Transitive dependencies with non-Java code


(Pinter Lorant) #1

I’d like to get the dependency mechanism to work in Gradle with a non-Java programming platform. The platform is called Haxe, but it could as well be Python or Perl.

I publish each of my modules as a ZIP file accompanied by a pom.xml that lists the module’s metadata (group, name, version) and its dependencies (other similar modules packages as ZIP+pom.xml). The artifacts are stored in a Maven repository (Sonatype Nexus):

The pom.xml looks like this:

<project xsi:schemaLocation="http://maven.apache.org/POM/4.0.0 http://maven.apache.org/xsd/maven-4.0.0.xsd" xmlns="http://maven.
    xmlns:xsi="http://www.w3.org/2001/XMLSchema-instance">
  <modelVersion>4.0.0</modelVersion>
  <!-- ... -->
  <packaging>zip</packaging>
  <dependencies>
    <dependency>
      <groupId>haxelib</groupId>
      <artifactId>mcover</artifactId>
      <version>1.4.0</version>
      <type>zip</type>
    </dependency>
    <!-- ... -->
  </dependencies>
</project>

This works fine for non-transitive dependencies that I can use like this:

configurations {
 haxelibs
}
  dependencies {
    haxelibs module(group: "haxelib", name: "munit", version: "0.9.5.2", ext: "zip")
    haxelibs module(group: "haxelib", name: "hamcrest", version: "1.0.1", ext: "zip")
}

However, this approach does not seem to handle transitive dependencies. How can I get Gradle to fetch the transitive dependencies as well?


(Peter Niederwieser) #2

You are using client module dependencies, whose very purpose is to ignore the POM and control transitive dependencies from within the build script. Also, specifying an extension means you are referring to a single file rather than a module (which may include transitive dependencies). Try this instead:

dependencies {
  haxelibs "haxelib:munit:0.9.5.2"
}

(Pinter Lorant) #3

Thanks, this solved one half of the problem.

The other half is that I still have to add { transitive = true } to each dependency, because by default they are intransitive. The haxelibs configuration itself is defined (by default) as transitive, so I wonder: why are the dependencies added to it become intransitive by default?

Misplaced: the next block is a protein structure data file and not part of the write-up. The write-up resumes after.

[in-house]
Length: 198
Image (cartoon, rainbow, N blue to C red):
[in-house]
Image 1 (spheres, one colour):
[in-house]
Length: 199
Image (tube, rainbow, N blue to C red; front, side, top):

Now I can work around this by adding this to my build:

configure(configurations.haxelibs.dependencies) {
    transitive = true
}

…but it would be a lot more convenient if this was the default. Can I do that somehow?


(Peter Niederwieser) #4

This shouldn’t be necessary. There must be something else going on in your build (script) that’s causing this.


(Pinter Lorant) #5

I did this just now:

group = "test"
version = "1.0-SNAPSHOT"
  repositories {
    maven {
        credentials {
            username "$nexusUser"
            password "$nexusPassword"
        }
        url "$nexusRepositoriesUrl/thirdparty"
    }
    maven {
        credentials {
            username "$nexusUser"
            password "$nexusPassword"
        }
        url "$nexusRepositoriesUrl/releases"
    }
    mavenCentral()
    mavenLocal()
}
  configurations {
    haxelibs { println "Haxelibs transitive: " + transitive }
    compile { println "Compile transitive: " + transitive }
}
  dependencies {
    haxelibs ("haxelib:munit:0.9.5.2@zip") { println "MUnit transitive: " + transitive }
    compile ("haxelib:munit:0.9.5.2@zip") { println "MUnit/compile transitive: " + transitive }
    compile ("org.apache.commons:commons-io:1.3.2") { println "commons-io/compile transitive: " + transitive }
}

And this is what I got back:

Haxelibs transitive: true
Compile transitive: true
MUnit transitive: false
MUnit/compile transitive: false
commons-io/compile transitive: true
:dependencies
  ------------------------------------------------------------
Root project
------------------------------------------------------------
  compile
+--- haxelib:munit:0.9.5.2
\--- org.apache.commons:commons-io:1.3.2
     \--- commons-io:commons-io:1.3.2
  haxelibs
\--- haxelib:munit:0.9.5.2
  BUILD SUCCESSFUL
  Total time: 2.356 secs

Looks like I hit this: http://issues.gradle.org/browse/GRADLE-160

Or is this caused by the fact perhaps that my dependency is a ZIP, and not, say, a JAR?


(Peter Niederwieser) #6

Why are you still specifying an extension (’@zip’)? As I’ve tried to explain, this disables transitive dependency resolution.


(Pinter Lorant) #7

Sorry, missed that one. It makes sense, and now it works. Thanks for your help!


(Peter Niederwieser) #8

Glad to hear that it works.